Thursday, March 31, 2016

Opua: perfection interrupted; batteries; a ride; wave pilots

        I have received envious emails about my frequent references to Opua’s recent San Diego-like weather.
        Opua’s climate is more middle-California than southern.  Southern California is, after all, a desert, however pleasant near the coast.  New Zealand and Opua get ample rain and are green, more like San Luis Obispo and Monterey.
        Envy can be temporarily assuaged.  A minor front is approaching with 25 knot wind and rain.  
        Perfection may resume Sunday.


        When I went to Cater’s Marine yesterday, my new Lifeline AGM batteries were there.  I paid for them, but with 18 to 20 knots of wind the harbor was too rough to row the batteries back and get them on board.
        The wind died during the night and this morning, after a single cup of coffee, I rowed ashore in a flat calm and near slack water and fetched the batteries when Cater’s opened at 8 a.m.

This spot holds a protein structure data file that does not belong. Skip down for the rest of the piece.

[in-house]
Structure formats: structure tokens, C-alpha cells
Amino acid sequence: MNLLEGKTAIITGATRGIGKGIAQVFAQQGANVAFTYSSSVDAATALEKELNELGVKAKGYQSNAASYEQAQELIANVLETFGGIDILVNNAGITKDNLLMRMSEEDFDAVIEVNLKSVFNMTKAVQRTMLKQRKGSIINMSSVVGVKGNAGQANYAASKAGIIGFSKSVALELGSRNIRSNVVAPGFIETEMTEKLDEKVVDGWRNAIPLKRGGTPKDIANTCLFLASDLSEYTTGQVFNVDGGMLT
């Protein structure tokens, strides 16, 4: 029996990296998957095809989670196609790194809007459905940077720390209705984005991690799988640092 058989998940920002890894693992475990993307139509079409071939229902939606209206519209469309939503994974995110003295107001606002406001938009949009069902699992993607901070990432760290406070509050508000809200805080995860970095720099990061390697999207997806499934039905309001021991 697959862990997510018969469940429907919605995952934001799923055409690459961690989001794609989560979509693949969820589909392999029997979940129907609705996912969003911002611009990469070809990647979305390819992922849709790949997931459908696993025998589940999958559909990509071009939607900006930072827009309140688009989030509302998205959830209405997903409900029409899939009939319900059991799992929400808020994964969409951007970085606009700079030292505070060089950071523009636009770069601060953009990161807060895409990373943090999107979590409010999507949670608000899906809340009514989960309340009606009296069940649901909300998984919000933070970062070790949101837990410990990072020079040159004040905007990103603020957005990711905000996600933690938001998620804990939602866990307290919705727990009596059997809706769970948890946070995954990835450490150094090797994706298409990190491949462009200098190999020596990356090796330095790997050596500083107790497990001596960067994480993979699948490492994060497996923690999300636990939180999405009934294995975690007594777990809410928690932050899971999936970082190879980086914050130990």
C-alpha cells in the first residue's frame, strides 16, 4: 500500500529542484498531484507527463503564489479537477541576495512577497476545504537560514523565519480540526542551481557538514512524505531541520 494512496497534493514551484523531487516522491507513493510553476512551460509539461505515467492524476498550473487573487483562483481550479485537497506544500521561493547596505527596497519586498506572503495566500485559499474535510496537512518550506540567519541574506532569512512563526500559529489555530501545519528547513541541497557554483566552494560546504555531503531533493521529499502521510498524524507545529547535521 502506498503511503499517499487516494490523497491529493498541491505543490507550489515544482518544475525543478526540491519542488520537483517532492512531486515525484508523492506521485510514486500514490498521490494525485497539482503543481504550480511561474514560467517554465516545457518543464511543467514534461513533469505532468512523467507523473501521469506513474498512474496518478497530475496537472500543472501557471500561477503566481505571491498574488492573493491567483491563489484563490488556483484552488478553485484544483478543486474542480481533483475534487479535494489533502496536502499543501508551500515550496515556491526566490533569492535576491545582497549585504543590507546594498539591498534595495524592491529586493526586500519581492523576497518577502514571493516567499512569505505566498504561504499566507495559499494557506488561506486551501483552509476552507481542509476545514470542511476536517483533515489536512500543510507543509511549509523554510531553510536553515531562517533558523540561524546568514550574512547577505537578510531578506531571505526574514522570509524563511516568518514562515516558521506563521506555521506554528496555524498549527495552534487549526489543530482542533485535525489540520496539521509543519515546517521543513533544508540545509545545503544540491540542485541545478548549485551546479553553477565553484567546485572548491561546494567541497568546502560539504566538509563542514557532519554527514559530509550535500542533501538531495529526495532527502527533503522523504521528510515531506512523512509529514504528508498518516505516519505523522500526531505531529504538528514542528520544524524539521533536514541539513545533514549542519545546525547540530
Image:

No problem getting them back, getting them on board, and getting them installed.  That I was replacing identical batteries helped.
        On all boats, but especially GANNET, sailors often have to do things from awkward and undesirable positions.  Today there was a point where scrunched over I had to lift each battery one-handed with my left hand.  My left shoulder is the torn one.  The batteries weigh fifty-five pounds/twenty-five kilos each.  I considered the situation for a while.  There was no other way.  I lifted, reached forward and lowered.  No pain.
        Sometimes things don’t go wrong.  Most of the time they go right.

        I have been told that my freeze dry order is being shipped today, which is Friday, April 1, as I just noticed, in this part of the world, and should be here probably Tuesday.  Once the meals are sorted and stowed in double trash bags, thirty to a bag, my to-do list will be down to three items, none essential, with a month to go.


        Brian has offered me a ride.  I thank him and, when and if the occasion arrises, hope to accept.
        Carol wouldn’t even have to come all this way herself, though she might like to see New Zealand again.  She could just mail me.


        Jay sent me a link to a long article about ‘wave pilots’, an almost lost navigation skill in the Marshall Islands, which also has some interesting information about how GPS is affecting our brains.
        I found the article well worth the time and thank Jay for the link.


        I happened across the photo when looking for some at a journalist’s request.  One of my favorites of GANNET, It was taken by Steve Earley in San Diego.